"SECTION 1. Every contract, combination in the form of trust or otherwise, or conspiracy, in restraint of trade or commerce among the several States, or with foreign nations, is hereby declared to be illegal: Provided, That nothing herein contained shall render illegal, contracts or agreements prescribing minimum prices for the resale of a commodity which bears, or the label or container of which bears, the trade mark, brand, or name of the producer or distributor of such commodity and which is in free and open competition with commodities of the same general class produced or distributed by others, when contracts or agreements of that description are lawful as applied to intrastate transactions, under any statute, law, or public policy now or hereafter in effect in any State, Territory, or the District of Columbia, in which such resale is to be made, or to which the commodity is to be transported for such resale, and the making of such contracts or agreements shall not be an unfair method of competition under section 5, as amended and supplemented, of the Act entitled `An Act to create a Federal Trade Commission, to define its powers and duties, and for other purposes,' approved September 26, 1914: Provided further, That the preceding proviso shall not make lawful any contract or agreement, providing for the establishment or maintenance of minimum resale prices on any commodity herein involved, between manufacturers, or between producers, or between wholesalers, or between brokers, or between factors, or between retailers, or between persons, firms, or corporations in competition with each other. . . ."
Section 3 governs similar conduct in territories of the United States and the District of Columbia.
The findings and opinion upon which the decree is molded show that Soft-Lite is the sole distributor of pink tinted lenses sold under the trade name "Soft-Lite." Their plan of dealing follows. As no patents or secret processes are relied upon and as Soft-Lite limits itself to distribution only, the trade name, salesmanship and business experience of Soft-Lite are the qualities upon which it must primarily depend for its profits as a distributor. Soft-Lite buys its lenses from Bausch Lomb. It sells to wholesalers, who in turn sell to retailers, who in turn sell to the public. Laying aside the variations in operating costs of wholesalers as compared with other wholesalers and of retailers as compared with other retailers, the opportunity for profits which can be divided between Soft-Lite, the wholesalers and the retailers, depends upon the difference between the price per lens that Soft-Lite pays Bausch Lomb and the price the ultimate consumer pays the retailer. A wider spread between original purchase and final prices, which is maintained by artificial fixing of the prices demanded from the ultimate consumer, furnishes the links of the distribution chain more profit for division among themselves. This is true regardless of volume or price although these factors, of course, affect the aggregate profits available for division among the dealers who have a part in distribution. In its self-restricted field, Soft-Lite is successful. Roughly speaking, for the years 1938, 1939 and 1940 in the United States it has sold one-third of the pink tinted lenses for one-half of the gross receipts. Other manufacturers than Bausch Lomb and other distributors than Soft-Lite do the remainder of the business.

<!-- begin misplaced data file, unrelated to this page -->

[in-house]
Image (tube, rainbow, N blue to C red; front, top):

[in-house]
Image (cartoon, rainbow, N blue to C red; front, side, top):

Soft-Lite has arrangements with Bausch Lomb for the purchase from them of lenses and blanks, with wholesalers of optical glass for the supply of this material to retail opticians, and in turn with these retailers for sales promotion. This is an integrated plan for the distribution of Soft-Lite's optical specialty, the pink tinted glass for easing eye strain. The plan of distribution for this commodity has developed over more than a quarter of a century of experience.
The arrangement with Bausch Lomb had its origin in 1924. At that time this manufacturer of optical glass undertook to grind pink tinted lenses for Soft-Lite out of foreign glass imported by the latter, but very soon the two parties arranged for Bausch Lomb to manufacture the glass as well. At the very beginning Bausch Lomb agreed that any orders for pink tinted lenses which it might receive would be transmitted to Soft-Lite. A list of Soft-Lite customers, wholesale and retail, was furnished Bausch Lomb. It appeared better to both seller and buyer to extend their arrangement by a contract in which Bausch Lomb undertook to manufacture and sell pink tinted glass and lenses to Soft-Lite. To avoid the danger to Soft-Lite's business of indiscriminate selling by Bausch Lomb of this pink glass specialty, Bausch Lomb agreed that it would not sell pink tinted glass to lens manufacturers or pink tinted lenses to the optical trade. Soft-Lite buys exclusively from Bausch Lomb.